I would argue, however, that Ohio's rules are unconstitutional. Pursuant to the Supreme Court's opinion in Brady v. Maryland, 373 U.S. 83 (1963), a new trial is warranted when the prosecution fails to timely disclose to the defendant material exceulpatory evidence. Evidence is "material" when there is a reasonable probability that its timely disclosure would have changed the outcome at trial. However, since the Supreme Court's decision in Wood v. Bartholomew, 516 U.S. 1 (1995), courts have split as to whether inadmissible evidence can ever form the basis for a Brady violation. Ohio appears to among those states finding that the failure to disclose inadmissible evidence can never form the basis for a Brady violation. See, e.g., State v. Davis, 2001 WL 10037 (Ohio App. 2 Dist. 2001).
I feel, however, that if the Supreme Court ever resolves this circuit split, it will decide that the failure to disclose inadmissible evidence can form the basis for a Brady violation, and the Wilson Santiago provides good reasons why this should be the case. First, even though the police report is "inadmissible," Santiago could easily have reason to use it at trial. If the police officer preparing the report testified in a manner inconsistent with his police report, Santiago's attorney could use the report to impeach his testimony under Ohio Rule of Evidence 613.
If the police officer testified and could not remember certain details, Santiago's attorney could use the report to refresh his recollection pursuant to Ohio Rule of Evidence 612. In fact, at this point, if the prosecution wanted to introduce the police report into evidence, the report would be admissible under Rule 612, providing a second reason why "inadmissible" evidence could form the basis for a Brady violation.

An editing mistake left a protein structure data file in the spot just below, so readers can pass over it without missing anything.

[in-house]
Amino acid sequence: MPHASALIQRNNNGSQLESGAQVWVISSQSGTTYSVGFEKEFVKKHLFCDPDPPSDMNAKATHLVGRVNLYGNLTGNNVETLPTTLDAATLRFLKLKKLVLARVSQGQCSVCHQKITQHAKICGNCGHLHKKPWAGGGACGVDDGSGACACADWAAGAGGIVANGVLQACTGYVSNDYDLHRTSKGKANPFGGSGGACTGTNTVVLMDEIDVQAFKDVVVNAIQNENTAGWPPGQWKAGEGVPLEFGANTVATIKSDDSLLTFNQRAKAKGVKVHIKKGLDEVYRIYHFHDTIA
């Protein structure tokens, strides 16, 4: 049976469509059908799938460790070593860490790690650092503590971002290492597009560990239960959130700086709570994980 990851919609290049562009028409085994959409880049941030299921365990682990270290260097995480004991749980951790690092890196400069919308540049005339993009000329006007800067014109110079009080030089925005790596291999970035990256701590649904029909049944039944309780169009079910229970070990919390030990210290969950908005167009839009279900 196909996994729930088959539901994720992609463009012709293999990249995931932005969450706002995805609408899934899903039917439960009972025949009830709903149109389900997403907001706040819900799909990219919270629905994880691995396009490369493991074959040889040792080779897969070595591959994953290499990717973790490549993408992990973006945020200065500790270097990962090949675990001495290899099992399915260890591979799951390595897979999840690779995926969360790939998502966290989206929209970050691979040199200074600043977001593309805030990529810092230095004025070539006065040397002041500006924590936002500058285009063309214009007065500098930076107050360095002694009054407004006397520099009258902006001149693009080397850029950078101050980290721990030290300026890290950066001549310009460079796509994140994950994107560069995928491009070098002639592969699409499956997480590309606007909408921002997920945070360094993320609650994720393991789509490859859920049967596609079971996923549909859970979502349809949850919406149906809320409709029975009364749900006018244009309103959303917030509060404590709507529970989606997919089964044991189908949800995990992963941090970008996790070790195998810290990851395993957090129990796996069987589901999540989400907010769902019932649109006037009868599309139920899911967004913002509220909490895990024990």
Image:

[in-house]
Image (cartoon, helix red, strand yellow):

Third, even though a police report is "inadmissible," it could be used in producing admissible evidence. Federal Rule of Evidence 703 and many state counterparts (although not Ohio) allow an expert to testify about opinions he formed on the basis of inadmissible evdience as long as the inadmissible evidence is of a type reasonably relied upon by experts in his field. Thus, as one example, the Tenth Circuit Court of Appeals in Saiz v. Ortiz, 392 F.3d 1166, 1181 (10th Cir. 2004), found that while a police report was inadmissible, an expert witness properly relied upon it in forming conclusions about whether the victim suffered from battered woman's syndrome or post-traumatic stress disorder because experts frequently rely upon police reports in reaching such conclusions. Furthermore, in this case, not only would the police report be "admissible" if offered by the prosecution, but it would also be admissible if offered by the defendant if the judge found that its probative value in assisting the jury to evaluate the expert's testimony substantially outweighed its prejudicial effect.
Finally, even though a police report is "inadmissible," it could directly lead to admissible evidence. Thus, while a person's statement to a police officer that someone other than the defendant committed the crime at issue would be inadmissible hearsay, that statement could easily lead the defendant to the person identified in the statement and evidence linking him to the crime.